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I just bought Samson Resolv SE5 speakers for my home pc/amature home studio. I have very annoying hissing sound and scratches whenever they are plugged into the pc. My sound card is ESI Maya44 XTE, which has unbalanced stereo output large jack.

I tried connecting with a Y cable, one stereo to two monos (left/right). but the speakers make the hissing sound and some scratches.

I tried with from stereo jack to RCA to the speakers, again unbalanced and the noise persists. The same setup when connected to another device like my cellphone works without noise which makes me think its some grounding issue or something, and proves that the new speakers are not broken. To add up to that, the noise does not appear when the pc is booting, but appears when it is idle or just browsing , playing music etc.

What I have not tried is Y cable, stereo to two stereo jacks, which according to the speakers manual is for balanced signals. But I am not sure its a good idea since the card says explicitly that the output is unbalanced.

links with the manuals

Samson Resolv SE5

ESI MAYA44 XTE

Any thoughts are really appreciated.

Kind Regards

EDIT: problem does NOT appear by using stereo small jack from a laptop, to RCA at the speakers. And there can be no lousier output than from a cheep onboard from a laptop.

closed as off-topic by Matthew Read Mar 23 '16 at 18:32

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    You don't have a balanced output on that sound card, so you can't make a balanced connection (balanced connections require balanced outputs, balanced cables, and balanced inputs). I think you've already determined the problem is the sound card. You could look into a USB audio interface, most of which have higher quality output electronics, including balanced outs. – Todd Wilcox Mar 23 '16 at 11:58
  • thanks for your answer, could it be grounding problems, like a ground loop ? the speakers and the pc are in different plugs – thahgr Mar 23 '16 at 11:59
  • It's most likely cheap output electronics on the sound card itself. It could be ground noise but you'll probably never be able to get rid of it on a device with unbalanced outs. – Todd Wilcox Mar 23 '16 at 12:01
  • ok bad news for me, but when I had my cheap logitech 2.1 speakers, there was no problem. I will try with the onboard of the pc later today to specify the problem more. – thahgr Mar 23 '16 at 12:03
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    I'm voting to close this question as off-topic because it is not about music. I'm not sure if this would be on-topic at Sound Design. – Matthew Read Mar 23 '16 at 18:32
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The linked manuals show the speakers are 10 kOhm input impedance, while the analog output from your sound card is 33 Ohm output impedance.

I can pretty much guarantee that that'll never work. Your sound card expects to be driving cheap headphones; you need a high-impedance "line out" signal for those speakers.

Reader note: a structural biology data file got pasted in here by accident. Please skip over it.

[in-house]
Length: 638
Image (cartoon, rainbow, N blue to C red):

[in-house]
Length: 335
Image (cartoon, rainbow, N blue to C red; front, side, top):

• ok, this totally make sense, my mistake that I missed it.. Do you have any suggestions on alternatives ? could you help me with some options ? – thahgr Mar 23 '16 at 13:46
  • wait, but then how can it work from my cell phone with a small stereo jack to RCA with no problems ? – thahgr Mar 23 '16 at 13:47
  • problem does NOT appear by using stereo small jack from a laptop, to RCA at the speakers. And there can be no lousier output than from a cheep onboard from a laptop. The problem is somewhere else, that is why I unselected it from "accepted answer" – thahgr Mar 23 '16 at 16:45
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  • Carl, I think you've got the wrong idea on how these two impedances are supposed to work. These are bridging impedances. As the article states, this maximizes voltage transfer while minimizing current draw. The actual problem is almost certainly poor-quality, noisy DAC and output electronics. – Todd Wilcox Mar 23 '16 at 18:02
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I think the problem is that the expected input for the 1/4 inch line-level is expected to be +4dBu.

The manual for the sound card uses different units, but quotes +6dBV (a capital V) @ 0 dbfs (pages 18-19). I think this means that at maximum sound level in the digital domain, the output is going to be +6dBV and I think this loosely translates to about +13dBu to +18dBu.

If you tried adjusting the output faders (not the "knobs") in your soundcard driver applet (page 13) to something like -9dB to -14dB when using the 1/4" line-in on the monitors, you might eliminate the noise.

See, for example, ( https://support.biamp.com/General/Audio/Gain_structure%3A_input_and_output_levels )

As to why the RCA works OK, I don't know, but the device clearly has different expectations ({magic}) from different inputs.

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